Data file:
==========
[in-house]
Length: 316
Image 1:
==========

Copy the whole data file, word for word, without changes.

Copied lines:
[in-house]
Length: 316
Image 1: